The dandelion as a metaphor is vast, but one abstraction of it is as follows. As Dr. Allen Frances asserts in his book Saving Normal, “The power to label is the power to destroy.” When the dandelion was mislabeled as a weed, generations of people like me grew up thinking that there was no longer any value to it and sought to remove it from our communities. I have been thinking a lot about how labels can be helpful (e.g., by reframing emotions) but also harmful (e.g., pigeonholing individuals) in psychiatry. 

One of our patients during my psychiatric clerkship, K., sought treatment for her mental health illness. She was only willing to take mood stabilizers on the condition that we didn’t center our conversation on the label of bipolar disorder. She felt empowered by divorcing this affliction from her personal identity, labeling her emotional episodes as manic or depressed but not labeling herself as bipolar. So, in acknowledging that this diagnosis carried stigma for her, we reframed our treatment plan to be symptom-focused as opposed to diagnosis-driven. Despite the concrete guilt over the personal trauma and numerous hospitalizations related to her condition that weighed down upon her, she persisted through the doubt and loneliness with a singular wish: “I want to choose what I want to be and how I will live.” Like a dandelion, she persisted beyond her label and chose to live.

Part Three: Looking for Perspectives

Whenever I suffer, whenever I fail and whenever I feel like giving up, I look for perspectives from my loved ones, from reading and reflecting, from my lived experiences and now from dandelions. Rethinking dandelions has given me a new perspective on a plant I once easily casted aside as a pervasive weed. Reframing treatments to be identity-conscious as opposed to diagnosis-driven helped K. feel empowered in her mental health journey. Looking for new perspectives may not dull the feelings of pain, grief, failure or inadequacy that come with suffering, but it finds paths to deliver oneself from rock bottom. It helps me to accept my new realities when a defeat or failure closes a door behind which I had imagined would remain open for my future.

When I try to understand what constitutes my ability to overcome adversity, I think diverse perspectives are at its cornerstones — and hope is its drive. Perspectives give me the mind space to think of how best to appraise my current reality and to push forward. However, when I weigh the uncertainties of my future, it is far easier to see the realities in which I will fail and far more difficult to see the ways my dreams could manifest. My perspectives are not born optimistic but are often influenced by the way I think; most of my education has taught me to be driven by data. Unfortunately, data and their statistics are not always in my or many’s favor. Thus, while perspectives are a starting point to build a new reality, hope gives me the will to do so — despite knowing the soil may not be so fertile, leading to feelings of being unwelcome or in doubt.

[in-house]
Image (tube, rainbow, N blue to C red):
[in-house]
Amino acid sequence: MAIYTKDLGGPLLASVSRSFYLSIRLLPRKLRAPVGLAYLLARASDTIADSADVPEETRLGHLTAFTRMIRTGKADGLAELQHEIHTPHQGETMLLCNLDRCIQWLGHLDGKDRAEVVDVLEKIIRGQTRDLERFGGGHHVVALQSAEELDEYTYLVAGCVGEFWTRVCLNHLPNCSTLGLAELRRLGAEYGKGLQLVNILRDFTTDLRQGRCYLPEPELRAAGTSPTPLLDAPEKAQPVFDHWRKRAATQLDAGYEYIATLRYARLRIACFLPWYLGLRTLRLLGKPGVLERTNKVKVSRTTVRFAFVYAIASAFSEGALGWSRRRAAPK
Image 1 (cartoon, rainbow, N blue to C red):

Finding hope is more elusive than finding perspectives. I have found it through my faith and through narratives and observations, such as in the way dandelions always bloom after the coldest winters. Perhaps the easiest source for me is in my namesake; my parents named me “hope” in Arabic. Yet, however fleeting I feel hope to be, I am grateful to be reminded of it every day in my conversations with others. I choose to carry on the hope that there is something good for me beyond whatever adversity or hardship I have overcome, just as the dandelion pushes past the cement in hope to feel an endless sun.

Featured image courtesy of Amal Cheema.

Amal Cheema Amal Cheema (4 Posts)

Contributing Writer

Geisel School of Medicine

Amal is a writer and medical student at the Geisel School of Medicine at Dartmouth, class of 2024. She graduated from Wellesley College with a Bachelor of Arts in biochemistry and political science in 2017. Prior to medical school, she pursued a Thomas J. Watson Fellowship and a post-baccalaureate in biomedical ethics. Outside of class, you can usually find her writing, reading, baking, or adventuring in the outdoors.